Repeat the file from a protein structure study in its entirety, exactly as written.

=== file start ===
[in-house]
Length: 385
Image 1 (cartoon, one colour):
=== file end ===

[in-house]
Length: 385
Image 1 (cartoon, one colour):